The answer to your question, do I think most seniors or most people harbor these kinds of resentments, is no. I do, however, believe that there are people who do, and that given the right set of circumstances, they can be pushed or enticed to do things that they normally would not consider.

Seniorwriter: You said that a group from the real Park Ridge Senior Center discussed your book. Do you know how they reacted? How have senior citizens, in general, reacted? Would you say the book is more popular among Seniors, Boomers, or younger readers?

Cheryl: I didn't hear from the book discussion group; however, the leader told me that it was the first mystery she had ever read in which a banana was used as a weapon! Nearly every senior that I've spoken to has immediately recognized and acknowledged the animosity between card players and everyone else.

No one likes to think that the people they know are capable of murder. We want murderers to be psychotic or hot-headed (or plug in you adjective of choice) because then we feel better about ourselves. We can reassure ourselves that we could never do that because we aren't like them. There is no absolution in my novel for the unexamined life.

Seniorwriter: What's your fiction writing method? Do you map everything out in advance, or just begin and let your characters carry you along? Do you begin at the computer or with a pen and paper? What part of the fiction-writing process seems most difficult?

Cheryl: In the case of Park Ridge, I started with a 969-word short story. Then I had to develop back stories for each of my characters--all seven of them!--trying to find out why things happened as they did. Once I had the characters in mind, they told the story to me. There were several points where I had to return to something I'd written and change it, for instance, to layer in the romance. That was an afterthought. It really hadn't occurred to me until I had written half the book.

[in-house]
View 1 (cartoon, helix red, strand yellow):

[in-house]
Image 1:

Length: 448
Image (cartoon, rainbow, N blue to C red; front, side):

I work at my computer from start to finish. I do print out the first relatively complete draft and make handwritten notes on it. For me it's easier to draw arrows than to move between places in a file on a split screen.

The hardest part about fiction? First, I want you to know that I never, ever thought that I would write fiction. My preference for writing and reading is non-fiction. So it's all hard. But keeping it real, making it plausible, is the hardest part.

Seniorwriter: What inspired you to return to college for a master's degree after twenty years out of college? That's admirable. Would you like to share any other details of your life either before or after that event?

Cheryl: It took me eighteen years after I left high school to get my bachelor's degree. I'm a bit like an academic cicada! If it wasn't for my partner's support, I could never have made the decision to go back to school.

Seniorwriter: What are your future goals, both for writing and for your life? What are you working on now?

Cheryl: The second book in the series is written, but the publisher that I submitted it to just rejected it last week. I figure when I finish licking my woulds that I'll decide what to do with it. It's called Senior Games and has the Six County Senior Olympics as a background. Depending on what I decide, I'll continue working on the third book. Or I may finish up a science fiction book that I've been fooling around with--or I may rework and finish a novel-length allegory--or finish the biography of Theodora van Wagenen Ward that I'm writing.

Seniorwriter: Thank you, Cheryl. I've learned a lot about your book and you. I wish you the very best in your writing and publishing efforts. You've shown that senior citizens can be effective characters in fiction as real, functioning people, good and bad. Keep it up!